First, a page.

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Klayton T , Price R , Buyyounouski MK , Sobczak M , Greenberg R , Li JS , Keller L , Sopka D , Kutikov A , Horwitz EM
Prostate Bed Motion During Intensity-Modulated Radiotherapy Treatment
International Journal of Radiation Oncology Biology Physics. 2012 Sep;84(1) :130-136
PMID: WOS:000308061900045 PMCID: PMC3285397
AbstractPurpose: Conformal radiation therapy in the postprostatectomy setting requires accurate setup and localization of the prostatic fossa. In this series, we report prostate bed localization and motion characteristics, using data collected from implanted radiofrequency transponders. Methods and Materials: The Calypso four-dimensional localization system uses three implanted radiofrequency transponders for daily target localization and real-time tracking throughout a course of radiation therapy. We reviewed the localization and tracking reports for 20 patients who received ultrasonography-guided placement of Calypso transponders within the prostate bed prior to a course of intensity-modulated radiation therapy at Fox Chase Cancer Center. Results: At localization, prostate bed displacement relative to bony anatomy exceeded 5 mm in 9% of fractions in the anterior-posterior (A-P) direction and 21% of fractions in the superior-inferior (S-I) direction. The three-dimensional vector length from skin marks to Calypso alignment exceeded 1 cm in 24% of all 652 fractions with available setup data. During treatment, the target exceeded the 5-mm tracking limit for at least 30 sec in 11% of all fractions, generally in the A-P or S-I direction. In the A-P direction, target motion was twice as likely to move posteriorly, toward the rectum, than anteriorly. Fifteen percent of all treatments were interrupted for repositioning, and 70% of patients were repositioned at least once during their treatment course. Conclusion: Set-up errors and motion of the prostatic fossa during radiotherapy are nontrivial, leading to potential undertreatment of target and excess normal tissue toxicity if not taken into account during treatment planning. Localization and real-time tracking of the prostate bed via implanted Calypso transponders can be used to improve the accuracy of plan delivery. (C) 2012 Elsevier Inc.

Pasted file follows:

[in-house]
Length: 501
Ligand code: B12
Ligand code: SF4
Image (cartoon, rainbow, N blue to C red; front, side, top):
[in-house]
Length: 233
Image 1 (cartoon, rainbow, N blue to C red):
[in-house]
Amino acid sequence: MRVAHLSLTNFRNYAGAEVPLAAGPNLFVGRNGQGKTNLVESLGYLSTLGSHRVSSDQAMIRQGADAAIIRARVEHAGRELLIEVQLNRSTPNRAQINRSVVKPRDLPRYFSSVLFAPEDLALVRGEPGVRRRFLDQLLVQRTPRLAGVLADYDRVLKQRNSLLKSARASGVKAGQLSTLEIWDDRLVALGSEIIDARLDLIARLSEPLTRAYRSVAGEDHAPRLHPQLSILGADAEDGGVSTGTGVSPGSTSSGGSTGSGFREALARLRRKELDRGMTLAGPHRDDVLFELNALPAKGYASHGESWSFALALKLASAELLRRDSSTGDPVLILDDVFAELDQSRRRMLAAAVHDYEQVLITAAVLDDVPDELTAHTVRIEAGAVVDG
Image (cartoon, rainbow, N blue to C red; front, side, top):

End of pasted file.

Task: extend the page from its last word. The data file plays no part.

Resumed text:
NotesKlayton, Tracy Price, Robert Buyyounouski, Mark K. Sobczak, Mark Greenberg, Richard Li, Jinsheng Keller, Lanea Sopka, Dennis Kutikov, Alexander Horwitz, Eric M. National Cancer Institute, NIH[P30 CA006927] This publication was supported by grant number P30 CA006927 from the National Cancer Institute, NIH. Its contents are solely the responsibility of the authors and does not necessarily represent the official views of the National Cancer Institute or the National Institutes of Health. 20 Elsevier science inc New york 996co